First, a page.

“Truth.” She pivots her beer bottle in his direction like tipping a hat. “How about, ‘Dickwad narcissist looking for ego-stroking and fuss-free sex.’ That sums up most of them.”
She tells him her name is Amber and that she’s been sampling dating sites for a year and a half, ever since her divorce. “At least I finally found someone to buy my Doors albums and one guy gave me a free oil change, so it hasn’t been a total loss.”
She talks and he listens. She tells him about her dog and how he sniffs out the losers. He’s been right every time. She tells him about her job managing volunteers at a senior center across town, how all the old ladies there want to fix her up with their sons or grandsons. Her steady flow of words dulls the continual loop of the doctor’s words replaying in Irv’s head. He sips his whiskey, orders a third, offers to buy her next beer.
“You’re a good listener, Irv.” She brushes her fingers against his sleeve, landing there light as a moth.
Halfway through their next drinks, more things are funny, though laughing makes Irv queasier and queasier. He needs to pay up and head out and try to make sense of all the things he has to do next, but putting them off is easier.
When Irv asks for his check, Amber asks for hers, too. “I don’t know about you,” she says, “but I’d love to keep the conversation going.” That glisten in her eyes adds extra meaning to her words. Even three whiskeys in, Irv feels himself harden. At that look. At the feel of her hand gently resting on his arm, waiting for his answer. At the possibility of touching someone who knows you’re there.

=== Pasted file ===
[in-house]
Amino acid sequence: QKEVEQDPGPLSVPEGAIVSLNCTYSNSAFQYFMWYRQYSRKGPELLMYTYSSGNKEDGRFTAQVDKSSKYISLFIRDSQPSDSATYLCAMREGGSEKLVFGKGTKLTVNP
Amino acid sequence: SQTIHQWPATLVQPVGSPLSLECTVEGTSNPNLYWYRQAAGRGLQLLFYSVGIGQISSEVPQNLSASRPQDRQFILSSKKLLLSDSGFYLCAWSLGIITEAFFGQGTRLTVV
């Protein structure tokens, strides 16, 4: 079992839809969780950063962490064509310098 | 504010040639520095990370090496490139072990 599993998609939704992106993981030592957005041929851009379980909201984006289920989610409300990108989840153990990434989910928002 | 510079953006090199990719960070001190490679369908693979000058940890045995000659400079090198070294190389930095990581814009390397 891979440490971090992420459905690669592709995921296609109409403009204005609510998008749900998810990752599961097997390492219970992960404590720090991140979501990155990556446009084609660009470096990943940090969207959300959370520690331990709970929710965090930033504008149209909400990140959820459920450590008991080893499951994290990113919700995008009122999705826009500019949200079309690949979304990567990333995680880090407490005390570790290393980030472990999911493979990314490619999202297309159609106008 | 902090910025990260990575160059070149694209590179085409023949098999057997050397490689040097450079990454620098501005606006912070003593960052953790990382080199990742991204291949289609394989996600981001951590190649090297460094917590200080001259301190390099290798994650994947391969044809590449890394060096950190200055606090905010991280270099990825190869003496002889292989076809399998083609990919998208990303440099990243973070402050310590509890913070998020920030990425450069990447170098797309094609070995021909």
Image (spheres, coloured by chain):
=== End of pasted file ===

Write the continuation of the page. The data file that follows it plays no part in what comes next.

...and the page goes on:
How easy it would be to fall into those green eyes one more time and stop thinking altogether. His days a steady cycle of working, then walking the mile-plus from their house, grabbing a limp, pale-looking salad from the hospital cafeteria, and joining Mary. Every day for the better part of three weeks. Forking in a leaf of iceberg. A cherry tomato. A carrot shaving. Forcing himself to chew. While the doctors, different ones each night, start in with their questions. “Mary, can you lift your left foot for me?” Waiting, to give Mary a chance. Repeating the same questions with the right foot. Each of her hands. Asking her to open her eyes. Night after night after night.
All his salads, all the walking. Helpless acts meant to tally up and earn Mary’s eyes opening again. How long had she been coaxing him to eat more vegetables? Steaming, roasting, chopping. Adding carrots, peppers, turnips into stews and chili. And how many nights had he come up with excuses instead of walking with her around the neighborhood? “It’s good for your heart,” she said, an irony that tastes like bile in his throat now. Her nightgown hangs on its peg on their bathroom door, making a promise it can’t keep, and every night Irv stretches into their bedsheets, his toes reaching instinctively for the warmth of Mary’s legs and finding nothing.
“Lord Christ,” he blurts. “I can’t do that, Amber.”
“No, it’s not you. I didn’t mean to sound like that. At least let me treat.” He slides his empty glass away and pulls out his wallet, paging a few bills onto the counter. “Trust me. You don’t want to get mixed up with me right now.”
“You know what I want now?” Amber says.
“I’m pretty sure I know what you don’t want.”